These protests and speculations are a little slight; happily here they are mixed in with the work of some fine photomedia artists. The colour reproductions are excellent, and easily worth the cover price in themselves. The stills from Patricia Piccinini’s The Breathing Room are gorgeously grotesque—folds of intricately textured amorphous flesh, with blank glistening orifices. Murray McKeich’s images are just as fleshy; decaying chimeras with that characteristically metallic sheen. These two prominent locals are joined by Austrian artist Dieter Huber, who also uses the digital surface to invoke reshaped and fantastic bodies. Huber’s Klones are mutant plant forms: seed pods in loops, a cactus growing in an impossible torus. Also included are an enticing set of stills from video work by Perth collective Retarded Eye, images by Indigenous artists Rea and Brook Andrew, and a diverse gallery of local work from artists including Marty St James, mr snow, Lui Xiao Xian , Rebecca Cummins and Carolyn Brunet.

The texts around these images are generally less satisfying than the images themselves. Darren Tofts’ essay “Terrible Beauty” discusses the work of Murray McKeich alongside other notable exponents of dark, mutant viscerality: Hans Bellmer, Frederick Sommer, Francis Bacon and Pierre Molinier. These comparisons are all well made, but they leave no room for a discussion of what the contemporary significance of McKeich’s work might be; certainly, as Tofts says, it involves a “poetic, defamiliarised meditation on the culture of the cyborg”—but I’m sure there’s more to it. Ricky Cox attempts a survey of net-based photomedia—an enormous field-and the result is inevitably much broader than it is deep. Edwina Bartleme’s discussion of the work of Rea and Brook Andrew, “Multiple Realities: Digital Imaging & Contemporary Queer Art”, walks us through postcolonial identity-engineering in prose which lacks the wit and energy of the images.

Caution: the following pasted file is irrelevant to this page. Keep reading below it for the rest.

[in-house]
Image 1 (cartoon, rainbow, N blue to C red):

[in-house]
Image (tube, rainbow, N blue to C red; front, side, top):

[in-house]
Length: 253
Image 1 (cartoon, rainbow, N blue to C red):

There’s more focus to the 5 reviews that round out the volume—Teri Hoskin on Bill Seaman, Kathy Cleland on John Tonkin, Paul Thomas on Retarded Eye, Daniel Palmer on Suzanne Treister, and Anna Munster on Linda Dement. Meanwhile the artists’ writings drop some oblique and elegant hints about the potential rewards and agendas involved. Lui Xiao Xian offers a neat way of imagining his doctored Victorian-era stereographs, as 3D-images stretched through time—the “fourth dimension”—to create cultural and historical identity-parallax-errors. Marty St James’ text fragments reveal his digitally-smeared figures as virtual “performance/sculpture”—“art as a reformed feeling of existence/(captured and engineered between worlds).” Despite the reservations of artists like Walkling, digital imaging technologies have fostered an active creative culture; not photographic, but perhaps as Leggett suggests, “post-photographic.”

Photofile, “Tekhne”, edited by Mike Leggett, Australian Centre for Photography, August 2000,

Lui Xiao Xian, My Other Lives, Stills Gallery, Sydney, Feb 14 - March 10.

RealTime issue #41 Feb-March 2001 pg. 19

© Mitchell Whitelaw; for permission to reproduce apply to [email protected]